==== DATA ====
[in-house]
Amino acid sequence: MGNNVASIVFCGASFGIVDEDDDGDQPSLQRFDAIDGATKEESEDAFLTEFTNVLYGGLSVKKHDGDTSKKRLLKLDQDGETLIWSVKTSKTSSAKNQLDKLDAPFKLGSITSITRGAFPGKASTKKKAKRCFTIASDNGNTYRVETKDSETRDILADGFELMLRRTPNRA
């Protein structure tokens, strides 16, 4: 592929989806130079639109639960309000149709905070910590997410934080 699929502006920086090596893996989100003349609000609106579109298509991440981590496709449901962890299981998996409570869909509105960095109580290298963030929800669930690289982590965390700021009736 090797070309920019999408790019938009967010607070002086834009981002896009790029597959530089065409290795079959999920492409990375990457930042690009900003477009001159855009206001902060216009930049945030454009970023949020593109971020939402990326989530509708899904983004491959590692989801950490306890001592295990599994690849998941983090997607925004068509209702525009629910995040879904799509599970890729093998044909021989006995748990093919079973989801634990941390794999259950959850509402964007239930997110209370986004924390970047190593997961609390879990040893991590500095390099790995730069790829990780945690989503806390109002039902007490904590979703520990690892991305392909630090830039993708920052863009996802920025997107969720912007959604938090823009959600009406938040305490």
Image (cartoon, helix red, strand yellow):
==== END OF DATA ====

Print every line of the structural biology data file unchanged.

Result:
[in-house]
Amino acid sequence: MGNNVASIVFCGASFGIVDEDDDGDQPSLQRFDAIDGATKEESEDAFLTEFTNVLYGGLSVKKHDGDTSKKRLLKLDQDGETLIWSVKTSKTSSAKNQLDKLDAPFKLGSITSITRGAFPGKASTKKKAKRCFTIASDNGNTYRVETKDSETRDILADGFELMLRRTPNRA
């Protein structure tokens, strides 16, 4: 592929989806130079639109639960309000149709905070910590997410934080 699929502006920086090596893996989100003349609000609106579109298509991440981590496709449901962890299981998996409570869909509105960095109580290298963030929800669930690289982590965390700021009736 090797070309920019999408790019938009967010607070002086834009981002896009790029597959530089065409290795079959999920492409990375990457930042690009900003477009001159855009206001902060216009930049945030454009970023949020593109971020939402990326989530509708899904983004491959590692989801950490306890001592295990599994690849998941983090997607925004068509209702525009629910995040879904799509599970890729093998044909021989006995748990093919079973989801634990941390794999259950959850509402964007239930997110209370986004924390970047190593997961609390879990040893991590500095390099790995730069790829990780945690989503806390109002039902007490904590979703520990690892991305392909630090830039993708920052863009996802920025997107969720912007959604938090823009959600009406938040305490």
Image (cartoon, helix red, strand yellow):